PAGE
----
Note that bridge:le2 and sink:eth0 are be on the same network, yet
    they are seeing different things.

    I've tried the setup with NAT'ed vmnets and the results are the same
    as hostonly vmnets. I've tried a Linux bridge and the results are the
    same as a FreeBSD bridge.

    Here is the trace when source runs 'arp -s 10.2.0.2 00:0c:29:45:d1:77
    && ping 10.2.0.2'
    As seen from source:eth0
    00:0c:29:be:f3:7f (oui Unknown) > 00:0c:29:45:d1:77 (oui Unknown),
    ethertype IPv4 (0x0800), length 98: 10.2.0.1 > 10.2.0.2: ICMP echo
    request, id 15624, seq 1603, length 64

    As seen from bridge:le1


    As seen from the vmware host on the vmnet that contains source:eth0
    and bridge:le1
    00:0c:29:be:f3:7f > 00:0c:29:45:d1:77, ethertype IPv4 (0x0800), length
    98: IP 10.2.0.1 > 10.2.0.2: icmp 64: echo request seq 1603

    As seen from bridge:bridge0


    As seen from bridge:le2


    As seen from sink:eth0


    As seen from the vmware host on the vmnet that contains bridge:le2 and
    sink:eth0



  4. Re: Why is this super simple ethernet bridge not working?

    rfarley wrote:
    > I've since looked into arp-proxy and it unfortunately doesn't work.


    I doubted it anyway. You don't need proxy arp, you need a bridge.

    > This seems like the most trivial bridge example, I feel dumb.


    Can you tell us what you actually configured on your BSD box?

    And, just for curiosity's sake - why not just take a small
    switch for 20 bucks and let that one do the bridging? Is this
    a "I want to get this working" thing or a "I need special
    features the vanilla switch doesn't give me" issue?

    If the latter, which exactly?

    Regards

    Christop

  5. Re: Why is this super simple ethernet bridge not working?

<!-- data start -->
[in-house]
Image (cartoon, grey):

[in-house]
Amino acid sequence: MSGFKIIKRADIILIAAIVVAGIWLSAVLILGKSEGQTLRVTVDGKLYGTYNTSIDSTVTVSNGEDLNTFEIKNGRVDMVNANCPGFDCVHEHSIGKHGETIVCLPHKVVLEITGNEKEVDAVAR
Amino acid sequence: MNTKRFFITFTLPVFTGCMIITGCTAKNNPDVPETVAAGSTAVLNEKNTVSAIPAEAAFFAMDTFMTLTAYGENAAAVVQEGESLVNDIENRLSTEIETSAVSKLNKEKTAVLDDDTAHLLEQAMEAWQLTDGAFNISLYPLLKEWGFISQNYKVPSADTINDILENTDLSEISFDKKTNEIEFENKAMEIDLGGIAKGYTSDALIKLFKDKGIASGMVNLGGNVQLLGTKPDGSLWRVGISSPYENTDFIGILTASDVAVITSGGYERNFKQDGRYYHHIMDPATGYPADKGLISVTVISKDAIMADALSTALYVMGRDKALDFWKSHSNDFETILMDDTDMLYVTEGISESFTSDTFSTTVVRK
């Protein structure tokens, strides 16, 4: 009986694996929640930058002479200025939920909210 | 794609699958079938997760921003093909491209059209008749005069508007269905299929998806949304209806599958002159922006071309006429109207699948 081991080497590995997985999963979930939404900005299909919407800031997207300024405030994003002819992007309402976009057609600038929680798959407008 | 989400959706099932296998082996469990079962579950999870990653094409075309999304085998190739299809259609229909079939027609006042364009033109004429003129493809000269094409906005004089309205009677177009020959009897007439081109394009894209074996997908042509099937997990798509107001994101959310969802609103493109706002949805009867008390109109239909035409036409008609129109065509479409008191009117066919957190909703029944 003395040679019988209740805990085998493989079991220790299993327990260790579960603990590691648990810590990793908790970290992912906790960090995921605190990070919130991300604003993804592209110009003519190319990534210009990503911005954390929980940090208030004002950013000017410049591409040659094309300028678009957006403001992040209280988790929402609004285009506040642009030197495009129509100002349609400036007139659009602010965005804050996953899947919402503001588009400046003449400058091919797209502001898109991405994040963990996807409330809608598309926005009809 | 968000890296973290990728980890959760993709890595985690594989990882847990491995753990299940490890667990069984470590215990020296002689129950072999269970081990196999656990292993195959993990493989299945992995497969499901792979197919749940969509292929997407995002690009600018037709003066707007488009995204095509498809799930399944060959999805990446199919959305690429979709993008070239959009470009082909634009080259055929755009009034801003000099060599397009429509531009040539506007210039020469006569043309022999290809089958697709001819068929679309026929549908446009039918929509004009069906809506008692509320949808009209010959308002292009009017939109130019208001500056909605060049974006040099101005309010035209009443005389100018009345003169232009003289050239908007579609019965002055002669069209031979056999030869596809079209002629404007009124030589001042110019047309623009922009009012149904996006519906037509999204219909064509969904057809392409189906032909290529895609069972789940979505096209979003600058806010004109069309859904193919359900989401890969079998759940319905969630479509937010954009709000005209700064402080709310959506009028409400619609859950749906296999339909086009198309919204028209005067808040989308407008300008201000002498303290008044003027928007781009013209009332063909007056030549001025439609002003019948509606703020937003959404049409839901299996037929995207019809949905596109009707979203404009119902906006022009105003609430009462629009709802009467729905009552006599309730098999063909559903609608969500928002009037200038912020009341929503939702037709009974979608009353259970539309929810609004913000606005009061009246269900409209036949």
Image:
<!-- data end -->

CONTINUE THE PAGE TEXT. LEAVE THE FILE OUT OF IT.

On Wed, 27 Aug 2008 12:18:49 -0700, ryanjfarley@gmail.com wrote:

    > I am having trouble setting up a fresh install of FreeBSD as an ethernet
    > bridge.
    > I have two boxes, call them source, 10.2.0.1, and sink 10.2.0.2. When they
    > are on the same network they can ping each other fine. However, when I
    > insert the FreeBSD box, call it bridge, between source and sink, they can
    > no longer reach each other.
    >
    > source <--net1-->(le1)bridge0(le2)<--net2--> sink
    >
    > In particular, if I ping sink from source, then I see: On net1, as seen
    > from both source's nic and le1: arp who-has 10.2.0.2 (sink)
    > On net2, as seen from sink's nic: arp who-has 10.2.0.2 and arp reply
    > 10.2.0.2 is-at 00:0c:29:f3:64:fb
    > On net2, as seen from a fourth machine monitoring traffic for debugging
    > this: arp who-has 10.2.0.2 and arp reply 10.2.0.2 is-at 00:0c:29:f3:64:fb
    > On net2, as seen from le2: arp who-has 10.2.0.2
    >
    > Why doesn't the arp reply 1) show up on le2 and 2) make it back to net1 so
    > source can see it? Is even the problem?
    >
    > For some sanity checks:
    > If I assign le1 10.2.0.3, then bridge can ping 10.2.0.1 (source). If I
    > assign le2 10.2.0.3 then bridge can ping 10.2.0.2 (sink). If I assign
    > bridge0 10.2.0.3, then I can not ping either source or sink.
    >
    > If manually set the MAC address of 10.2.0.2 on 10.2.0.1, then I see: On
    > net2, nothing.
    > On net1, as seen from le1, nothing.
    > On net1, as seen from source's nic and a sniffer on the network: IP